Man Guilty Of Deadly Hit-And-Run Asks To Join The Marines To Avoid Prison

news

After being convicted of a 2015 hit-and-run in Verdigris, Oklahoma, that left one teen dead and another critically injured, Gage Shriver posed an alternative punishment to his judge: that, instead of a 25-year prison stretch, he be allowed to do penance by joining the Marines.


Yeah… no.

“I’m not the type of person that would leave those girls there for dead,” Shriver, 21, said, referring to the women he’d left for dead — mortally wounded 18-year-old Noelle New and grievously injured Maranda Talley — in a pre-sentencing investigation report obtained by the Oklahoma City-based Fox News affiliate KOKI.

Instead, he said in the report, “I ask that you allow me to join the Marine Corps.”

The proposal didn’t fly… at all. Instead, Shriver was handed a first-degree manslaughter conviction, and his brother, Dakota Shriver, 23, was convicted of second-degree murder. The brothers were sentenced to 25 years in prison Dec. 9, according to Tulsa World.

New and Talley, who survived and is now 20, were walking to a convenience store in the early morning hours on June 5, 2015, when they were struck by a pickup truck driven by Gage Shriver. The Shrivers left the scene. The incident had occurred shortly after Gage was punched by his brother, Dakota, during a drunken argument, according to Tulsa World. The paper also reported that Gage Shriver had a “0.023 percent blood alcohol concentration” when he was tested seven hours after the crash — because he was under 21 at the time, the amount met the threshold for drunk driving.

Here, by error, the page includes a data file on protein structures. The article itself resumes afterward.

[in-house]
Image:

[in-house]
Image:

The teens were left on the side of the road for more than two hours before the Shrivers returned to the scene, with their mother, Dorothea Butanda, who called 911. The brothers’ claims that they didn’t see New or Talley until they came back to the scene was a point of contention in the court case, and was part of the reasoning behind the first-degree manslaughter charge for Gage Shriver, and the second-degree murder charge for his brother, who admitted to misleading police. Butanda faces charges as an accessory; officials claim she attempted to conceal her sons’ involvement in the incident and will have her day in court in January 2018, Tulsa World reports.

Gage Shriver’s attempt to skirt prison has its roots in the “go to jail or join the military” myth; a decades-old but now largely defunct practice in which one could opt out of a sentence for some infractions by serving in uniform.

Related: Marine Colonel Arrested In Massive, Aptly Named Prostitution Sting »

While judges often have the ability to offer alternative sentences such as military service — usually for minor charges — there’s no requirement that the service actually accept the candidate; in some cases, recruiters are strictly barred from doing so, The Balance notes.

That was the case for Michael Guerra from North Tonawanda, New York, who received a conditional sentence in 2006 for aggravated assault; he was given the option of dodging a yearlong prison stint by joining the Army, Stars and Stripes reported. But because Guerra’s criminal case was still open — pending his enlistment in the service — the Army could not accept him, since the service is barred from enlisting individuals who are facing pending charges.

Gage Shriver’s proposal never got that far — neither did his attorney’s request for leniency in the form of split sentences and supervised probation for the brothers, according to Tulsa World.